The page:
Take Gentle Monster, which expects to hit $200 million in revenues by the end of 2018, according to its UK managing director Gary Bott. Known for artistic installations in its 20 flagships worldwide and buzzy celebrity collaborations, the Seoul-based brand founded in 2011 by Hankook Kim is exploring other product categories through partnerships, from an eyewear and raincoat collaboration with Chinese designer Xander Zhou to a "music and visual album" featuring Kanye West and Pharrell, which will be released in January 2019.

Another Cubitts competitor is Parisian eyewear brand Jimmy Fairly, which releases 15 to 20 new eyewear styles per month. With 29 locations under its belt, the brand is slated to open 35 more in 2019. “We want to become the European leader for high fashion eyewear in 5 years’ time,” its co-founder and president Antonin Chartier tells BoF.

Cubitts' new store in Coal Drops Yard | Source: Courtesy

Yet, unlike its direct-to-consumer competitors, Cubitts doesn’t focus on scale-driven milestones — be it the number of stores opened or styles on shelves. “We release a new product every month, but retire an old one,” says Broughton, who also serves as chief executive. This quality-over-quantity mindset rules Cubitts’ range of frames as well as its approach to growth — paradoxically, much of the brand’s success has stemmed from prioritising its carefully curated brand identity and customers over growth and disruption.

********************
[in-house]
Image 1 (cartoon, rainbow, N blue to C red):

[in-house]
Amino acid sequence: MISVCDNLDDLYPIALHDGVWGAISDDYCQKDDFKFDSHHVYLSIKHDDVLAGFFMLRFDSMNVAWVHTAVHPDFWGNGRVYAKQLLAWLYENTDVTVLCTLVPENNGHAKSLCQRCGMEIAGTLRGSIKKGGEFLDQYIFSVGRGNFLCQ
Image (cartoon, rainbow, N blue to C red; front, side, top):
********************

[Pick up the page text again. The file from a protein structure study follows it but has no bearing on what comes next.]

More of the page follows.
“Growing fast is quite easy really, and the world is littered with companies that grew fast and collapsed,” says Broughton. Though Cubitts has five stockists including Liberty and Mr Porter, Broughton is adamant that he will continue to be very selective in order to keep distribution channels to a minimum. “With wholesale, you lose the endpoint and ability to get feedback, curate an experience and tell a story. We are contacted multiple times a week and could open 500 accounts, but does that grow a better business? I don’t think it does.”

We've grown a lot but we're still tiny. I want us to get strong but not fat.

The new exhibition captures Cubitts’ commitment to storytelling, even if it means including other brands in the narrative. Alongside Cubitts’ own styles, the retrospective’s timeline features established brands such as Anglo American Optical and Cutler and Gross, stalwarts of British eyewear history.

“We’re promoting other eyewear brands because we don’t see them as competition. When you’re doing something so hard and time-consuming, you tend to share the same values.”

Broughton is referring to the offering of an intensely bespoke service, which is integral to his business. An obsession with fine-tuning the customer experience means eye exams at Cubitts’ seven London stores, a mobile virtual try-on feature online and utilising cephalometric technology to create 3D scans of consumers’ skulls for the perfect fit. And, in a move to reduce waste, customers can take their frames to Cubitts stores and have them repaired for free.

Cubitts’ meticulous customer-first mentality is part of a conscious move against rapid growth; the brand has given illustrated customer glasses cloths emblazoned with “the death of capitalism” in lieu of a Black Friday sale. Though the brand is eager to expand into markets such as the US and Japan, Broughton is not in a rush to do so, stating that Cubitts will “definitely open more than one, but [fewer] than six” stores in 2019, citing the brand’s opportunistic streak for lack of certainty. “We’ve grown a lot but we’re still tiny. I want us to get strong but not fat,” he says.

For the same reason, Broughton is adamant that Cubitts will never set up shop in a mall, market through influencers or partake in flash sales or pop-up stores. “Instant gratification can come at the expense of long term growth.” he tells BoF. “I want Cubitts to exist for a hundred years.”